gthom try this: with your jaws slightly apart slowly lower your jaw. Now release the jaw and sense it's rising. As it rises feel when another group of muscles takes over the raising of your jaw to the point of jaw contact. So in effect seek that point where you change muscles over between the lowing and the move to contact positions. Experiment and slowly be able to easily find that neutral position. That position where you use involuntary muscles to support your jaw. When you can identify that position easily and locate it quickly, mentally associate it with all your playing. Go through pieces in your mind imagining yourself playing but with your jaw in that neutral position. Soon that jaw position will become the automatic position for your jaw at all times when playing.gthom wrote: I know how important it is to keep the body relaxed and not fight against myself while playing, but so far the jaw clench has been the most difficult to get past. Anybody else ever have this issue and have any tips? Thanks!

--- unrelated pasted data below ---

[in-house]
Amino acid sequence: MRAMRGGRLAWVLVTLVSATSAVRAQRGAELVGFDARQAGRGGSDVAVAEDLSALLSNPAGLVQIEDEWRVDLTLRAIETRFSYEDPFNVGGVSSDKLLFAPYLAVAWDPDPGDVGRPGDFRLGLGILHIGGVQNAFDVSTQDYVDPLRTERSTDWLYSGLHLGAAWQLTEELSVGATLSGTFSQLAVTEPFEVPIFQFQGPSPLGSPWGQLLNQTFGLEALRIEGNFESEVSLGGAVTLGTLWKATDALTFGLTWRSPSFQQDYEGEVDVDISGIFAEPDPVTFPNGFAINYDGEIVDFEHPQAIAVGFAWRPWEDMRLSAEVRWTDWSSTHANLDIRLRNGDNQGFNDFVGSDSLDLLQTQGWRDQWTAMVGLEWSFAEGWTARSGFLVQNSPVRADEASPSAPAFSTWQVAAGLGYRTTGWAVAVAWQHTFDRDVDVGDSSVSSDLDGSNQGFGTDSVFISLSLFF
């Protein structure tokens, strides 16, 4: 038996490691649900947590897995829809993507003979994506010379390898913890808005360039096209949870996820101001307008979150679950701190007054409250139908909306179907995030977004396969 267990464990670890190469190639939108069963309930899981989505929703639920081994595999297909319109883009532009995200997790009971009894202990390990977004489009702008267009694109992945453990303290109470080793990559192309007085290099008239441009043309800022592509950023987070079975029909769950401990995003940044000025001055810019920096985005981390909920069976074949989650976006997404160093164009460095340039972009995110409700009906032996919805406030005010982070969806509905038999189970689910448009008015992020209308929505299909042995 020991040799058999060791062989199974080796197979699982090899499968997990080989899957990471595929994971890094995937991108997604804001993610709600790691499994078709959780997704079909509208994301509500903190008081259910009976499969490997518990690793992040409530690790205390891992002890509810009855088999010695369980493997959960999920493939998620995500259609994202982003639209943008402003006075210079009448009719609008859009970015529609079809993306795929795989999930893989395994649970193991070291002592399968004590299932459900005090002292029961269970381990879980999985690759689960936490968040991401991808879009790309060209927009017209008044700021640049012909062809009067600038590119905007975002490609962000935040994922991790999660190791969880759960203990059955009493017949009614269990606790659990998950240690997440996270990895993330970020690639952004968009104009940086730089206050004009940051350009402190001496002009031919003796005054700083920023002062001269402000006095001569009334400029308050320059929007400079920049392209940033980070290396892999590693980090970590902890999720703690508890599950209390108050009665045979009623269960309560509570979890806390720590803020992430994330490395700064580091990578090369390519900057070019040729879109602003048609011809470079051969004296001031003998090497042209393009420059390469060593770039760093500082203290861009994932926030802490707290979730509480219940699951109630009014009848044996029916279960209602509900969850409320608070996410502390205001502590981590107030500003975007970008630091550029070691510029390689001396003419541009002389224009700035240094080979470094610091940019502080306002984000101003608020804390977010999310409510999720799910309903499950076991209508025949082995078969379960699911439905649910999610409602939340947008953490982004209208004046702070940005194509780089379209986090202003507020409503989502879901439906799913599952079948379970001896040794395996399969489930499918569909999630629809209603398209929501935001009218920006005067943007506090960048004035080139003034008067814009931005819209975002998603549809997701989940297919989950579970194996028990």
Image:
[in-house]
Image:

That's me , when I look in the mirror while practicing I have to think " man doesn't he look mean " . Maybe it's because I take everything so seriously instead of relaxing and just enjoying the music . I just don't know what the answer to this problem is ( if it is a problem ) .fidicial wrote:Hey Frank, . Wish I could see that one. It is the opposite for me I tend to show no facial expressions at all. Maybe, I am just a robot or something.
I clench my jaw too when playing. When I focus on my breathing, the jaw clenching stops but my playing goes to pieces...Scott_Kritzer wrote:Here's another good technique. While you're playing breath through slightly open lips. There are a couple of benefits. First, it's hard to stay clenched with the lips open, although it can be done, secondly you tend to focus more on your breathing which relaxes your body and playing and thirdly it's a great technique for reducing breathing noise (through the nose), when recording.
More on the second point - in my Performance workshops we had one student who wiggled his jaw. When he focused on the breathing not only did his jaw stop working overtime but his playing was amazingly better! Record yourself, at least a short passage with a clenched and relaxed jaw. Listen to the difference.
Also to better cure the habit video tape yourself doing both, you'll get a better mental picture of what you want.